Golf Course Management

JUL 2014

Golf Course Management magazine is dedicated to advancing the golf course superintendent profession and helping GCSAA members achieve career success.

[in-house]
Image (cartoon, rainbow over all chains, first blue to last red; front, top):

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24 GOLF COURSE MANAGEMENT 07.14 Bishop states his case PGA of America President Ted Bishop is anything but afraid to speak his mind. When it comes to defending golf, his message is delivered loud and clear. Recently, Bishop (who is a GCSAA member and owner of The Legends GC in Franklin, Ind.) responded to media criticism in the form of an open letter. GCM has provided excerpts below: When the legend becomes fact, print the legend. One of my favorite westerns when I was a kid growing up in northern Indiana back in the 1960s was "The Man Who Shot Liberty Valance." The movie starred Jimmy Stewart and John Wayne. It was a great John Ford flm and the most famous line of the movie was uttered near the end. "When the legend becomes fact, print the legend." In the past few weeks, the sport of golf has been bul - lied around similar to the townsfolk of Shinbone who were 411 victim to Liberty Valance, the gunfghter who was brilliantly portrayed by Lee Marvin. Enough is enough. Golf is not "in a hole" nor is the golf market "stuck in a bunker." Given that 2013 had the fewest days open for golf (268, less than the 288 the previous year because of weather) in the past seven years, it was encouraging to see that golfers played more rounds of golf per day than they had in previous years. There were a total of 37 states with consistent or increased rounds played per day in 2013 compared to 2012. According to PGA Performance Trak, golf facility op - erators reported growth in three of four key performance revenue indicators from 2012 to 2013, including golf merchandise sales (up 2.2 percent); food and beverage revenue (up 2.0 percent); and total facility revenue (up a modest 0.3 percent). Through annual golf participation studies conducted by the National Golf Foundation (NGF), 3.5 million to 3.7 million new and former golfers took up the game in each of the last fve years. We also note that recent declines in participation have offset gains in our sport. As such, a stagnant industry is clearly not the goal and that is why our Task Force is exploring innovative ways to bring new people into golf. We have our legends. They are names like Bobby Jones, Ben Hogan, Babe Didrikson Zaharias, Arnold Palmer and Jack Nicklaus. And we have our facts. I am not suggesting for even a moment that golf does not have its challenges. We have plenty, including time, diversity and diffculty. Interestingly, 90 percent of golf played in the U.S. is on public courses at an average of $28 per round, dis - pelling the notion that golf is unaffordable. It is time that the facts became the legend — print the facts. Liberty Valance is dead, and, as the script said, "Nothing's too good for the man who shot Liberty Valance." GCSAA, industry partners visit Capitol Hill The mission: To show Washington, D.C., all the rea- sons why golf is so meaningful. On May 21, GCSAA joined other leaders in golf for the seventh annual National Golf Day in the nation's cap - ital. National Golf Day is a major industry effort under the auspices of We Are Golf, which is a broad coalition of the game's leading associations and industry partners. It is designed to showcase golf's nearly $70 billion economy, $4 billion annual charitable impact, environmental value to local communities and ftness benefts. For GCSAA, discussion points with lawmakers this year focused on environmental issues, most notably pro - posed changes to the Clean Water Act and how the Envi- ronmental Protection Agency (EPA) defnes "waters of the United States," a key pillar of the act. If changed, the rule could greatly expand which water bodies fall under federal jurisdiction and, ultimately, it could negatively impact su - perintendents' abilities to maintain their golf courses. Those efforts paid almost immediate dividends, as the EPA announced in early June a 91-day extension of the 020-029_July_Front9.indd 24 6/17/14 4:23 PM

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